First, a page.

Our Asian-inspired mac and cheese with white cheddar is a twist on the tried-and-true favorite, adding Udon noodles, edamame and seaweed garnish for a delicious Asian flare.
I love the fusion of cultures that spills onto the plate – “East meets West”.
I recently stumbled on a video from Now Toronto for a “guu’d style mac ‘n’ cheese” by chef Masaru Ogasawara. Intrigued by how appetizing it looked, I instantly set off to my kitchen to create my own version of the dish – a vegetarian version. After a few trials and errors, I was very happy with the result.
What to expect
Surprisingly, the chopped Udon noodles and the creamy cheese sauce resemble Kraft Dinner, a Canadian fave, with a bit of kick if you add the Wasabi.
This homemade mac and cheese recipe only takes a handful of ingredients and has more nutrient-rich ingredients (broccoli and edamame) than the regular version or the boxed stuff. A big plus for me.
Another plus is that it only takes only 25 minutes to make since it’s not a baked mac and cheese.
I’m not going to lie though. This dish is not low cal although you can make it lighter if you like. It’s rich, creamy and comfort food at its best. It tastes great and it’s an easy recipe to make.
Ingredients – tailored to your taste
Ingredients: Udon noodles, white cheddar cheese, butter, milk, edamame, broccoli, seaweed.
Noodles: Buy fresh or frozen cooked udon noodles which are soft, thick, slightly chewy wheat noodles available at most mainstream or Asian grocery stores. You can, of course, use al dente elbow pasta, like you find in classic mac and cheese, but you will not experience that Asian feel.
Cheese: We use shredded white cheddar cheese for this recipe. You can substitute it with Gruyere, other sharp Cheddar, Fontina, Pepper Jack or Monterey Jack. Or use a combination of two cheeses.
Vegetables: The recipe calls for broccoli florets and edamame. Edamame is often sold in their pods which are green and hairy. See recipe notes for how to cook them. You will have to squeeze the beans out after cooking. Or buy frozen pre-shelled edamame – much easier! Substitute asparagus or fresh baby spinach instead for the broccoli if you like.
Seaweed: This is an edible algae that adds a unique flavor and crunchy texture to the mac and cheese. We use Nori seaweed sheets, shredded.
Wasabi (optional): Most of the wasabi we eat in North America is not genuine and is actually made from horseradish, mustard and food coloring. The smooth spicy green paste gives a nice kick of heat to this dish, but feel free to leave it out.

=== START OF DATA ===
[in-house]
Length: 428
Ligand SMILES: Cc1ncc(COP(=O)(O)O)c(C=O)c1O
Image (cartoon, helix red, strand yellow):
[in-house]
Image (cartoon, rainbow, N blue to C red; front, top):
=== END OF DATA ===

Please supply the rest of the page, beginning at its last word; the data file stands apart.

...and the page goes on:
Half and half: I use part milk and part half and half cream for a rich sauce. But you can use any combination of milk and cream – or even just whole milk or 2% milk for a lower-calorie version. Just use the same total amount of liquid.
How to make mac and cheese Asian style
Step 1: Prep – cut the broccoli into florets, slice the onions, grate the cheese, cut the udon noodles into smaller pieces.
Step 2: Boil the broccoli, edamame and udon for a few minutes over medium-high heat.
Step 3: Make the cheese sauce.
Step 4: Combine everything together and top it with crispy seaweed.
Tips for the creamiest mac and cheese sauce
- Use a good quality cheese that melts well such as cheddar, gruyere, fontina or Monterey jack. Low-fat cheeses are not recommended.
- It’s better to grate your own cheese, rather than to buy pre-grated cheese which contains additives that can affect the meltiness of the cheese.
- Avoid zero or low fat milk to make the cream sauce before adding the cheese. Use 2% milk or a higher fat content.
- Add cheese to the warm white sauce on LOW heat or remove it from the heat altogether to finish melting, stirring continuously. Avoid high heat which causes cheese to separate and become grainy.
- Use pre-shredded cheese (but note, for best results, grating the cheese is preferable as, without additives, it melts better)
- Buy frozen pre-shelled edamame (big time saver).
Leftovers can be stored in an airtight container for up to 3 days. To make the dish a couple days ahead, complete the recipe (not including the seaweed garnish) and keep it in the fridge for a few days or freeze it for up to 3 months.